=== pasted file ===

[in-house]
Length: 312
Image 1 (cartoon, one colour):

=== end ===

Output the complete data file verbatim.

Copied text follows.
[in-house]
Length: 312
Image 1 (cartoon, one colour):